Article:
Obesity & Binge Eating Disorder

Lady frustrated with Obesity

The size, weight, and shape of all bodies are different, with no two alike, even if they are both struggling with disordered eating. Even so, research does indicate that there is an association between obesity and binge eating disorder (BED).

The Term “Obesity”

Obesity is a controversial term these days, with many stating that it is derogatory and stigmatizing while others tout that it is “a standard medical term that is used to describe excess body weight [1].”

One study attempted to learn what terminology obese individuals prefer for describing excess weight and determined that the terms “fatness,” “excess fat,” “heaviness,” and “large size” were undesirable terms [1].

This study also found that individuals across the spectrum of gender and race reported the term “weight” as preferable because “it is both neutral and nonjudgmental — it does not imply any negative attributes or impose any personal blame [1].”

Even so, most research articles and medical professionals use the word “obese” to describe weight. Therefore, that is the term that will be used in this article. Please understand that no judgment is implied in using this term.

Physical Effects of BED and Obesity

As mentioned above, no “one” body type is a red flag for any eating disorder. Individuals struggling with BED run the gamut on their body shape, size, and weight. With that said, researchers have found a relationship between BED and obesity, reporting that those with BED are 3-6 times more likely to be obese [2].

Girl laughing with hand over faceBED is also correlated with weight-related comorbidities, such as “increased risk for heart disease, dyslipidemia, diabetes, and other cardiovascular problems…perhaps due to eating behaviors adopted by those with the disorder [2].”

Individuals with BED and obesity are also at increased risk of respiratory and gastrointestinal diseases [2]. BED has been found to have a fivefold increased risk for diabetes, and the prevalence of individuals with BED and Type 2 diabetes ranges from approximately 1.4% to 25.6% [2].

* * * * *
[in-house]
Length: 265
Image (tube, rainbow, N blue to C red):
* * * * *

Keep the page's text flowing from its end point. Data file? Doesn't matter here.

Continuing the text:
The Connection

The above research makes it clear that BED symptoms and obesity pose a dangerous combination to one’s health. There are many aspects that contribute to this, namely that individuals with BED often binge or overeat foods that are higher in calories or fat [3].

Additionally, individuals that are obese or struggle with BED also report experiencing depression, which can result in a lack of motivation, isolation, decreased exercise or physical movement, and increased stress eating.

Both populations are also shown to lack proper knowledge of exercise and self-care [3]. If you or a loved one struggle with obesity or BED, seeking professional support can help minimize the health risks described above.


Resources:

[1] Volger, S. et al. (2012). Patients’ preferred terms for describing their excess weight: discussing obesity in clinical practice. Obesity, 147-150.

[2] McCuen-Wurst, C., Ruggieri, M., Allison, K. C. (2017). Disordered eating and obesity: associations between binge-eating disorder, night-eating syndrome, and weight-related comorbidities. Annals of the New York Academy of Sciences.

[3] Lyons, L. (2017). How are binge eating disorder and obesity related? Eating Disorder Hope. Retrieved from https://www.eatingdisorderhope.com/blog/binge-eating-disorder-obesity.


About the Author:

Image of Margot Rittenhouse.Margot Rittenhouse, MS, PLPC, NCC is a therapist who is passionate about providing mental health support to all in need and has worked with clients with substance abuse issues, eating disorders, domestic violence victims, and offenders, and severely mentally ill youth.

As a freelance writer for Eating Disorder Hope and Addiction Hope and a mentor with MentorConnect, Margot is a passionate eating disorder advocate, committed to de-stigmatizing these illnesses while showing support for those struggling through mentoring, writing, and volunteering. Margot has a Master’s of Science in Clinical Mental Health Counseling from Johns Hopkins University.


The opinions and views of our guest contributors are shared to provide a broad perspective on eating disorders. These are not necessarily the views of Eating Disorder Hope, but an effort to offer a discussion of various issues by different concerned individuals.

We at Eating Disorder Hope understand that eating disorders result from a combination of environmental and genetic factors. If you or a loved one are suffering from an eating disorder, please know that there is hope for you, and seek immediate professional help.

Published February 14, 2020, on EatingDisorderHope.com
Reviewed & Approved on February 14, 2020, by Jacquelyn Ekern MS, LPC

About Baxter Ekern

Baxter is the Vice President of Ekern Enterprises, Inc. He is responsible for the operations of Eating Disorder Hope and ensuring that the website is functioning smoothly.